Nathaniel Welch

SOME PROS SECRETLY EXPERIMENT WITH EQUIPMENT OUTSIDE OF THE BRANDS THEY'RE PAID TO PLAY. I've never done that. Volvik has been my golf-ball sponsor for close to seven years now, and in that time I haven't hit a single shot with any other ball. Loyalty is an important character trait. When I won the WLD, one of the first things I did was promise Lance Reader, the owner of Krank Golf, that I would play his drivers through 2019. They've been good to me, and nothing could make me break my promise to them.

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EARLY IN THE EVENING OF THE WLD CHAMPIONSHIP, I LOOKED AT PHILLIS AND WINKED. A few nights before, I had a premonition, a very vivid dream, in which I saw both of us winning. The dream was dead-on accurate and in great detail. I saw all my outfits, shoes included, and knew I'd be sitting down when I won, which was exactly how it happened. I hit first in the final match, and when Justin Moose followed and didn't outdrive me [Allen's winning drive was 393 yards], the dream was complete. Many people don't believe in premonitions and think those who claim them are letting their minds play tricks on them. But I'm telling you, it's true.

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AM I THE WORLD'S GREATEST LONG DRIVER? No. I'd give that honor to Will Hogue, who won three WLD events in 2018 alone. But I was the best at the Volvik WLD Championship in September, and I could very well be the best the next time we tee it up. I believe in destiny. I won the week I was supposed to win. I did it hitting "my ball," the type of shot that is a coming together on one swing of all of my potential. Every long driver has a "my ball," a certain ball flight and speed they like to feel is unbeatable. That I hit my ball at the right time wasn't luck, but there were enough outside forces at work to make me believe it was something that was meant to be.

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TEN YEARS AGO, A GUY WITH CLUBHEAD SPEED OF 140 MILES PER HOUR AND BALL SPEED OF ABOUT 210 WAS PRACTICALLY GUARANTEED A WORLD TITLE. Those numbers won't get you into the top 15 today. If you don't swing it 145 with a ball speed of 217, you're not in the conversation. There probably are 70 guys who swing it that fast and have a chance of winning.

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“TO CONDITION MY HANDS AND FOREARMS, I PLUNGE ONE HAND AND THEN THE OTHER INTO A BUCKET OF RICE FOR 15 MINUTES EACH, FLEXING, TURNING AND GRIPPING.”

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WHAT FASCINATES ME IS WHERE THE NUMBERS AND WINNING DISTANCES MIGHT BE 10 YEARS FROM NOW. When I ran track in college—I ran the 40-yard dash in 4.1 once, hand-timed—I learned human beings, using just their arms and legs, are limited by gravity. The advent of starting blocks, responsive surfaces and lighter spikes helped, but there always was gravity and wind resistance. With golf, where you're using external instruments like a club and ball, it makes the potential almost unlimited. We've seen 500-yard drives already.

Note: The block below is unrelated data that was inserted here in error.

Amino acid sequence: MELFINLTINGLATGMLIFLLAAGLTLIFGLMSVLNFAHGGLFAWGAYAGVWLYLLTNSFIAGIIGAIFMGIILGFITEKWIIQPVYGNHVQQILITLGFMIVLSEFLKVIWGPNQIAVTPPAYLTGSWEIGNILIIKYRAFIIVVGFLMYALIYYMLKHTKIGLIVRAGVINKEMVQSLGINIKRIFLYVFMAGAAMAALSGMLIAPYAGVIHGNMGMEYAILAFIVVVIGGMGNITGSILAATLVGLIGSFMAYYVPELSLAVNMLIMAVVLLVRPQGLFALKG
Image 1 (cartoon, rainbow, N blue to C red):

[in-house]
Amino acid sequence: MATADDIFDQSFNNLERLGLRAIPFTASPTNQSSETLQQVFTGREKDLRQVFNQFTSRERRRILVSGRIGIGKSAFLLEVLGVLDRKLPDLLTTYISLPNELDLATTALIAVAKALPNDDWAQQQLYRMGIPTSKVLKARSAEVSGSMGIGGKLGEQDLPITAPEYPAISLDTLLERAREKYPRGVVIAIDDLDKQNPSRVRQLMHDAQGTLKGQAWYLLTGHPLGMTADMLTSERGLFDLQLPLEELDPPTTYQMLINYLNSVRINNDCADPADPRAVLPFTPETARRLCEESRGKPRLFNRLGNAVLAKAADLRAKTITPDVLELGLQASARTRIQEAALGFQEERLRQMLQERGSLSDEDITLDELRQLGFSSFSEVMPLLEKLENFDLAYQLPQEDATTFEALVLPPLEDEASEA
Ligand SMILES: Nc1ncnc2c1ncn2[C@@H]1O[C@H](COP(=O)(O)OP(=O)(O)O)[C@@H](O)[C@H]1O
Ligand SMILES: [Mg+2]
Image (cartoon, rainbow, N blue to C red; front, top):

A decade from now, with people getting bigger and the equipment becoming even more refined, 600 yards might be on the table. Maybe longer. I don't believe in limits.

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ACTUALLY, I HIT ONE OVER 600 YARDS YESTERDAY. We were shooting a commercial for Avis at the Atlanta Motor Speedway. It was on a paved surface along pit row, so there's that. But I did kill that drive, and pit row is only 17 yards wide. That's a narrow grid.

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THE PHYSICALITY OF HITTING A GOLF BALL IS ONE THING, BUT GETTING HIT ISN'T FOR ME. Before I enrolled at Florida A&M, I was in school briefly at the University of South Florida. With my speed running track, I figured I had potential as a running back. In a practice my freshman year, I charged into a hole at the wrong time, and Kawika Mitchell and J.R. Reed—vicious hitters who both went on to careers in the NFL—were waiting for me. I broke the tibia and fibula of my right leg. Opting for hitting a golf ball 450 turned out to be the right decision.

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WE WENT OVER TO ARONIMINK TO DRUM UP SOME MEDIA DURING THE BMW CHAMPIONSHIP. I'm on the range there, and Chesson Hadley came over, all geeked out about seeing my victory on Golf Channel. Then came Brooks Koepka, who teased me about my going to Florida A&M—he's a Florida State guy—and waiting until my eighth ball to really catch one flush. Gary Woodland, Tony Finau, Jason Day and even Fluff Cowan—I love Fluff—all stopped to congratulate me and chat for a few minutes. We're not in the same sport exactly, but it's the same milieu, and the fact that tour players know who I am and respect what I do gratifies me to no end.

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“TEN YEARS AGO, A GUY WITH CLUBHEAD SPEED OF 140 MILES PER HOUR AND BALL SPEED OF ABOUT 210 WAS PRACTICALLY GUARANTEED A WORLD TITLE. THOSE NUMBERS WON’T GET YOU IN THE TOP 15 TODAY.”